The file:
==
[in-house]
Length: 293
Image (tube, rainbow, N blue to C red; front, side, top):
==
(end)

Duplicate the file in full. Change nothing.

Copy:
[in-house]
Length: 293
Image (tube, rainbow, N blue to C red; front, side, top):